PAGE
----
At this point they are describing a woman of 20 who had lived with a violent man for 2 years.  She would not live to see 21.

Dolly left John, and when her mother came looking for her, found her daughter with a razor-scrape across her throat, given to her by John of whom she was terrified. However, yet again she returned to him when he called for her. John had a new source of anger, a belief that Dolly had been spreading lies about him to his fellow artists, but I can find no reporting of what these untruths were. Dolly had told other artists that John beat her, possibly that is what he was referring to. Before the couple left for Brittany, for the good of John's health, he wrote to Edward Marsh, a patron and friend, apologising for his recent bad behaviour - "I have behaved badly lately, but I am not well...Dolly is doing all that anyone could do to help. There is peace, but much is lost for the time."

The trip to Brittany remind me very much of Rossetti and Fanny's trip to Cumbria. It is a little relief in what is a god-awful situation. Both couples were happy for a while, with letters back from Brittany from John saying how they have danced and laughed, but soon Dolly left to return to London and Cornwall. They had met another English artist in Brittany who told her to her face that she did not appreciate art as she wasn't clever enough. That is no worse than everyone seems to have been saying behind her back but it was enough to drive her back, at least in John's report. It seems to me that Dolly had put up with far worse in the previous three years, so the words of a stranger seem a bit light to have sent her packing when it had been fear of John himself that had previously driven her away.  Despite proclaiming himself content without Dolly, he followed her to Cornwall and threatened to throw her off a cliff and once more she fled.  She stayed at Alderney Manor, near Poole in Dorset, with John's old friend Augustus John who didn't like her - "She was an attractive girl or used to be when I knew her first, but seemed to have deteriorated into a deceitful little bitch." Augustus John's portrait of her, The Woman in Green hangs in the South African National Gallery in Cape Town.

Dolly Henry (1913-4) William Strang

Dolly's last home was a flat in Paultons Square in Chelsea. She found work as a nude model but once more John found her, enraged that others were seeing her naked. On the 8th October 1914, John came to the flat early in the morning. When shots rang out, neighbours rushed to find Dolly in her nightdress, bleeding profusely on the landing and John, in the bedroom, with chest wounds. The defence of Dolly and John after their death was done by friends and family. Only Dolly's mother came forward to report the violence of the previous three years. John's wife appeared at the inquest, described as 'a slightly built lady of youthful appearance', and described her husband as having a 'passionate temperament' and told how she was trying to rebuild their marriage but he was too involved in his intrigue with Dolly. Michael Sadleir, a friend of John's, stated "Dolly drove Currie mad, and deprived the world of a genuine artist and a devoted worker." At the end of the entry on Paultons Square in the marvellous Murder Houses of London by Jan Bondeson, it is noted that because the murder happened not long after the First World War started, it was not given a great amount of publicity, so John's friends were able to buy up his work and it never dipped in price.  If they had shown as much care for his behaviour as they did for his artistic reputation then maybe he would have had a longer life and Dolly might not have spent her late teenage years being attacked before being murdered.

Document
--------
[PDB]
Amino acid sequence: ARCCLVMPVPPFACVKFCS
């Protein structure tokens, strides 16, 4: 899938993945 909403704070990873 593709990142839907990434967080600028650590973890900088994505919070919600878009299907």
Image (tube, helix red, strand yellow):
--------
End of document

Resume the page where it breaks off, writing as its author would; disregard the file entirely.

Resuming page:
Head of a Woman (Dolly Henry) (1912-4) George Clausen

I get very angry about the way Fanny Cornforth is written about in the biographies of her contemporaries and later, because not one iota of space is given to what she dealt with, for which she had absolutely no experience or preparation. Fanny never let go of Rossetti, but possibly that's because the moment she took her eyes off him in 1872, he attempted suicide. She provided him with his drugs along with his paint as she just wanted him to continue living. It took around 8 years for Fanny to go from 'the kissed mouth' to 'the witch'; it took Dolly Henry barely 2. Rossetti's family shaped a narrative to disguise a reclusive man's mental illness, but John Currie's friends took his existing problems and placed them on the shoulders of a 17 year old girl. John Currie is an obscure artist now, kept from entirely slipping from view by interest in Dolly's murder, which is how I found him. Still the narrative that Dolly was a temptress who drove him mad is prolonged - for example, she is referred to as 'the volatile Dolly' in Bondeson's book, and the accounts of John's friends are repeated without question in their modern biographies. We need to be quicker to question these received 'facts' from the past and look at who is telling us what and why. Hopefully these days if a 27 year old man, a married man, hooked up with a 17 year old girl, we would know which way that power dynamic was flowing. 

We need to do better because history, and life, is full of women like Fanny and Dolly and after the appalling things they had to put up with, they are overdue some respect.

1 comment:

  1. Dear Kirsty
    Absolutely. It is all too easy to blame the women - they can't speak up in their defence if they are no longer with us. It sounds as if John Currie had many problems. Women's voices from the past are too easily silenced.
    Best wishes


Many thanks for your comment. I shall post it up shortly! Kx